MEMORANDUM AND ORDER
JOHN GLEESON, United States District Judge:
Plaintiff brings this pro se action pursuant to, inter alia, 42 U.S.C. § 1983. Plaintiff has paid the $350 filing fee. For the reasons discussed below, plaintiff is directed to file an amended complaint within thirty (30) days of the date of this order.
Plaintiff's complaint is quite confusing, and it is unclear what her federal cause of action is against each named defendant. Although unclear, plaintiff discusses her psychological evaluations, her admittance to medical school, her incarceration on Rikers Island and her probation. She also mentions federal student loans, fraud, Medicaid fraud, health plan fraud and discrimination. Plaintiff names more than thirty defendants, but plaintiff's complaint is meandering and contains an abundance of extraneous information which makes it impossible to tell what these defendants are alleged to have done wrong. Plaintiff seeks
orders of protection/restraining orders against all defendants, an order stopping them from referring to her as their patient and voicing bogus 'opinions' about her, damages, access to all records, and an order deleting fraudulent and defaming statements, so that they cannot be cited in the future to hurt Ms. Radin again, and Ms. Radin wants contact information for a prosecutor/attorney at the US Department of Justice in Washington for criminal prosecution.Compl. at 13.
Pursuant to Rule 8(a) of the Federal Rules of Civil Procedure, plaintiff must provide a short, plain statement of claim against each defendant named so that they have adequate notice of the claims against them. Ashcroft v. Iqbal, 556 U.S. 662, 129 S. Ct. 1937, 1949 (2009) ("[Rule 8] demands more than an unadorned, the-defendant-unlawfully-harmed-me accusation."). Plaintiff must provide facts sufficient to allow each named defendant to have a fair understanding of what the plaintiff is complaining about and to know whether there is a legal basis for recovery. See Bell Atlantic Corp. v. Twombly, 550 U.S. 544, 555 (2007) (Rule 8 requires that the plaintiff's pleading "give the defendant fair notice of what the . . . claim is and the grounds upon which it rests" (quoting Conley v. Gibson, 355 U.S. 41, 47 (1957))); Ricciuti v. New York City Transit Auth., 941 F.2d 119, 123 (2d Cir. 1991) ("[Rule 8] is designed to permit the defendant to have a fair understanding of what the plaintiff is complaining about and to know whether there is a legal basis for recovery[.]").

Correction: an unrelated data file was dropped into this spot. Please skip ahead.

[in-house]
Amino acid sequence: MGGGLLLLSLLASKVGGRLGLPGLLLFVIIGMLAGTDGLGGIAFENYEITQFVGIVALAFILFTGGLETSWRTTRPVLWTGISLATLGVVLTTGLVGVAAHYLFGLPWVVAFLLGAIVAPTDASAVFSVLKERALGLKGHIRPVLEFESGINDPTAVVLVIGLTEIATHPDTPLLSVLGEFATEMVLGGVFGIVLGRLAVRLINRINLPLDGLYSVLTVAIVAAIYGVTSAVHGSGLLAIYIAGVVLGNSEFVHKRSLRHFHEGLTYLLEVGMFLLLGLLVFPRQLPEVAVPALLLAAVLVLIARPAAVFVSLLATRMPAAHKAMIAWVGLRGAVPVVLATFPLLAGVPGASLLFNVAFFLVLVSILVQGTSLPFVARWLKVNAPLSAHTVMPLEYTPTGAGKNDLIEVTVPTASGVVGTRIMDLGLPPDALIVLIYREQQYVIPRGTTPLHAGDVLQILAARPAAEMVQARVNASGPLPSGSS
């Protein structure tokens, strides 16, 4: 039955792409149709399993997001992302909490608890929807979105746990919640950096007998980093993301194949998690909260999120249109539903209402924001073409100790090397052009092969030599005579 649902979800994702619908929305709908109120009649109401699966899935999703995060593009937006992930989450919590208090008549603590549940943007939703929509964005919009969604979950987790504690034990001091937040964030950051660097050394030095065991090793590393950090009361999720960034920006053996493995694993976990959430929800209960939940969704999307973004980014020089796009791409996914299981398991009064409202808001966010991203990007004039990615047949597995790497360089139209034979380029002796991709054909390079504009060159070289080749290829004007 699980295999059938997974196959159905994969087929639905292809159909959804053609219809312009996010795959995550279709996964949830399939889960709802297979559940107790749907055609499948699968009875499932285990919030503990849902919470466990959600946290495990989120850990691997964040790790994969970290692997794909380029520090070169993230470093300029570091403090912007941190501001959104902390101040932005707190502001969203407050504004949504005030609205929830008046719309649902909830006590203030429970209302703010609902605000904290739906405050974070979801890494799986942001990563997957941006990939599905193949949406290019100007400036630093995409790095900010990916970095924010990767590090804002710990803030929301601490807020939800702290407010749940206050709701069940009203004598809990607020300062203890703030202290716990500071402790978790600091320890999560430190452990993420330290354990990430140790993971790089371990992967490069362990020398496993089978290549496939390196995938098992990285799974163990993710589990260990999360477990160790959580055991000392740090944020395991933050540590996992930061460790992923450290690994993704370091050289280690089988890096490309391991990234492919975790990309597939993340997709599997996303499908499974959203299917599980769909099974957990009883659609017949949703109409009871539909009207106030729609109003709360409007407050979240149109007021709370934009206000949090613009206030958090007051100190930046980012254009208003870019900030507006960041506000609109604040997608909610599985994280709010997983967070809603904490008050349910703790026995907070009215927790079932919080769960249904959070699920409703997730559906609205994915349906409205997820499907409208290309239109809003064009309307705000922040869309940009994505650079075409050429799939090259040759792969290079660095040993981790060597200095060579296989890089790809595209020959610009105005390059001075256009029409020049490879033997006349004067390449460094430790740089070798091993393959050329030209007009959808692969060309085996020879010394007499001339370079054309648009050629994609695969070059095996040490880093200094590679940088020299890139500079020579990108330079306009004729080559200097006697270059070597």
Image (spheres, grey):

Accordingly, the Court cannot allow plaintiff's complaint to go forward as defendants will be unable to meaningfully respond to the instant complaint. In light of this Court's duty to liberally construe pro se complaints, plaintiff is given leave of thirty (30) days to file an amended complaint. Cruz v. Gomez, 202 F.3d 593 (2d Cir. 2000). Plaintiff is advised that her amended complaint must comply with Rule 8(a) of the Federal Rules of Civil Procedure, as explained above. Should plaintiff elect to file an amended complaint, she must set forth the specific factual allegations to support her claims against all named defendants.
As plaintiff is aware, if plaintiff cannot identify the individuals by name at this time, she may name "John Doe" defendants and provide a physical description for each, along with his or her place of employment. The amended complaint must be captioned as an "Amended Complaint," name all defendants in the caption, and bear the same docket number as this Order. All further proceedings shall be stayed for thirty (30) days. Although plaintiff has paid the filing fee, the Court certifies pursuant to 28 U.S.C. § 1915 (a)(3) that any appeal from this order would not be taken in good faith and therefore in forma pauperis status is denied for the purpose of an appeal. See Coppedge v. United States, 369 U.S. 438, 444-45 (1962).
John Gleeson, U.S.D.J.
Dated: April 2, 2012
Brooklyn, New York